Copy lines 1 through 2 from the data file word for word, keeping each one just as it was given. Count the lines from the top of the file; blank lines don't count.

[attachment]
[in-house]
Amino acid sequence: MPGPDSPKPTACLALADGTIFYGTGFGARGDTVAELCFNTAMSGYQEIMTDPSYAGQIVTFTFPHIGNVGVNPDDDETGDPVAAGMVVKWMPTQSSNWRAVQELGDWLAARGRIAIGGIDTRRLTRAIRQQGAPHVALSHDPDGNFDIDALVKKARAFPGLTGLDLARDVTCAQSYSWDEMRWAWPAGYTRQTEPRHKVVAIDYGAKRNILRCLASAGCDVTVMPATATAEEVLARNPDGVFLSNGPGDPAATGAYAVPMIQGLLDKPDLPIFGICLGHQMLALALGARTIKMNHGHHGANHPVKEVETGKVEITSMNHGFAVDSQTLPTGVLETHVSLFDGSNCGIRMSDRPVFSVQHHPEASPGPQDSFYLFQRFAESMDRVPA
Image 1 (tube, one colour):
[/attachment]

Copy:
[in-house]
Amino acid sequence: MPGPDSPKPTACLALADGTIFYGTGFGARGDTVAELCFNTAMSGYQEIMTDPSYAGQIVTFTFPHIGNVGVNPDDDETGDPVAAGMVVKWMPTQSSNWRAVQELGDWLAARGRIAIGGIDTRRLTRAIRQQGAPHVALSHDPDGNFDIDALVKKARAFPGLTGLDLARDVTCAQSYSWDEMRWAWPAGYTRQTEPRHKVVAIDYGAKRNILRCLASAGCDVTVMPATATAEEVLARNPDGVFLSNGPGDPAATGAYAVPMIQGLLDKPDLPIFGICLGHQMLALALGARTIKMNHGHHGANHPVKEVETGKVEITSMNHGFAVDSQTLPTGVLETHVSLFDGSNCGIRMSDRPVFSVQHHPEASPGPQDSFYLFQRFAESMDRVPA